Yesterday I was out with the BNHS (Bedfordshire Natural History Society) chasing dragonflies with one and a half eyeballs for what I hoped would be the last time ‘cos today I was due in surgery for cataract removal and a new lens implant. One of the things Miss Consultant had mentioned that I should think about, in addition to choosing my preferred kens type (long-distance/short distance/multifocal), was the choice between having the procedure performed under local anaesthetic (the norm) or general anaesthetic. She’d suggested I tell the Optometrist when he measured my eyeball to order the lens. In fretting about which lens to choose, Muggins forgot the bit about the anaesthetic and Mr Optometrist didn’t ask. Yesterday I got a phone call telling me it would be general anaesthetic which was noticeably more expensive but probably no bad thing. In truth, I’d probably have picked local but I didn’t fancy squirming about conscious while Miss Consultant was messing with my eye.
Today Carol drove me to the Chiltern hospital at Great Missenden to have my nice new long-distance lens fitted. I was handed some paperwork about a “fixed price package”, the fixed price in question being £3385.00. For some reason, I read all the writing and panicked slightly when seeing something about the procedure being to “fit a multifocal lens” which I had specifically rejected. Miss Consultant assured me that she was in fact, fitting a toric long-distance lens and that the paperwork was just designed to get the price right. Hmm, apparently there aren’t enough options in their computer system. Toric lenses (to correct astigmatism) have to be oriented precisely so I got a little local anaesthetic and Miss Consultant set about marking up my eyeball with something like a felt tip pen (odd sensation) and a sharp pointy thing (worse sensation). She the drew a big red arrow above my right eye to make sure she cut open the correct eyeball when she next saw me in the operating theatre! Very reassuring! The price list for this operation mentions “from £2700.” Maybe the toric lenses are more expensive but I think most of the price difference was down to the general anaesthetic. Well, better a pain in the bank account than a pain in my eye.
Up to the ward to be prepared. Preparation including trying to fill out a lengthy health questionnaire while a constant stream of folks came in asking other questions, explaining where my theatre gown and knockers were, etc. Had I finished the questionnaire yet? “Well, no, people keep distracting me.” Then a nurse appeared to administer three typed of eye drop to dilate my pupil and Darwin knows what else. Had I finished the questionnaire yet? “Well, no, I’ve been being given three sets of eye drops four times each at 10-minute intervals.” The male nurse with the questionnaire decided to sit with me a fill it out for me in a question and answer session. The time concern was because I had a theatre slot to make. It’s a bit like aircraft and their take off slot at Heathrow airport. Miss it and you’re stuck.
At last, time to don one of those weird gap-all-the-way-down-the-back theatre gowns and some even weirder disposable underwear. How do you do those gowns up? I couldn’t reach either of the two tapes. When a nurse returned I got her to assist in fastening my high-fashion couture.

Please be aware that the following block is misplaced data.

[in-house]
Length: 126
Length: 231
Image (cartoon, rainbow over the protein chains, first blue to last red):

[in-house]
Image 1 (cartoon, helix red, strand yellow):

When I had my prostatectomy which is major surgery, I was a little surprised to have to walk all the way to the operating theatre. I thought I’d be wheeled along on a trolley but not a bit of it. This time, with what is really minor surgery, a trolley came to collect me and I was wheeled along to the theatre. Go figure! Was this because I was paying for this? Well, no, I think it was because my eyeball was now dilated and wide open, set to something like f1.4 in photography terms. They didn’t want me tripping because I had no depth of field.
In the wings of the theatre the medical team began putting masks and monitoring devices on me. The monitoring device caused a problem, mainly because I’d had nursey fasten my theatre gown at the neck for me. Mr. Monitor expressed surprise and undid it again. Whoops, maybe that’s why they’re impossible to do up yourself.
I lost an hour. The next thing I knew, I was in the recovery room with a Long John Silver eye patch.
I got another trolley ride back to my room where my frequent visits continued to monitor my vital signs and make sure I was recovering sufficiently to be sent home. Carol , my ambulance driver, turned up to sit with me. My oxygen saturation level was a little low for a while, only 94%, but stopping talking to Carol so I could do a few deep breathing exercises stuffed it back up to 96% and, once I’d peed – hospitals are very keen on bodily waste functions, I’ve noticed – I was allowed out. A nice nurse told me, “keep the eye patch on overnight and just take it easy tomorrow”. I gesticulated, turning my right hand round and round vertically in circles. Quick on the uptake, the delightful nurse added, “and for the following week”. What a lovely lady. 😀
The eyeball felt a little scratchy on the way home. I wondered if this was because I was looking around at the scenery. I shut my eyes to avoid looking and things got more comfortable.
Sleeping with the eye patch might be interesting.